Cassie McCall is a classic introvert. She used to struggle in social situations that required small talk. “Hearing ‘Hi, how you doing?’ made me nauseated. No one ever simply asked about my blood sugar levels.”
Fortunately, Cassie has found an easy way to avoid small talk. She’s mastered a serene facial expression that sends a clear message: I am all-knowing. I have better things to do with my life than talk to you about the weather.
Rather than be offended by her stone-like demeanor, most people are eager to engage her in a deeper conversation. “They think I’m an all-powerful soul who knows every secret of the universe. Heck, I couldn’t tell you why they sell underwear in three-packs instead of two.”
Cassie has become more socially active since perfecting her omniscient gaze. No longer does she avoid parties and muffler shop openings where she’d normally be forced to talk with people about their plans for vacation. “Before, I would panic if someone asked me where I’m from. Now I turn my head slowly, look out a window, and shed a single tear. In no time we’re chatting about the futility of life.”
Cassie McCall believes all introverts have the ability to avoid small talk. “Most extroverts are freaked out by our quietness. Don’t worry if someone asks ‘How they hanging?’ You can say anything as long as you say it with an empty stare. Then sit back and wait for an invitation to give a TED Talk.”
Introverts hate being the center of attention. They feel more comfortable off to the side, engaging in witty repartee with the nearest lampshade.
Famous introverts, the poor wretches, must often face the terrifying gaze of adoring crowds. How they have dealt with this personal nightmare can provide insight for all introverts.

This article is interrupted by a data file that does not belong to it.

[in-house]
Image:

Albert Einstein – Whenever I get nervous about an audience looking at me, I immediately explain my theory of relativity in detail. Within seconds, most of them doze off.
Abraham Lincoln – During the first Me–Douglas debate, I tried to overcome my anxieties by imagining everyone in the audience was naked. It was working until a very heavy and hairy gentleman sat down in the front row. I became nauseated during my Martin Van Buren impersonation and lost my train of thought. What relaxes me now is imagining I’m alone in a log cabin binge-reading Shakespeare.
Eleanor Roosevelt – I’ve always been nervous in large crowds – particularly Roosevelt family reunions. But my Uncle Teddy gave me the greatest advice: “Speak softly and maybe people won’t notice you.”
Mahatma Gandhi – It’s a lot easier to fast when the alternative is eating in a crowded restaurant with people looking at me and thinking, “I thought he was fasting.”
Charles Darwin – I used to wonder why people staring at me didn’t kill me. Then I came up with this theory about introverts called Survival of the Moodiest.
Marylyn Monroe – I’ve always felt very self-conscious when people gazed at my skimpily-dressed body. Why do I force myself to endure such pain and torment? Then the answer hit me: It beats slinging hash.
Jimmy Hendrix – People are looking at me? Man, I thought those were gerbils.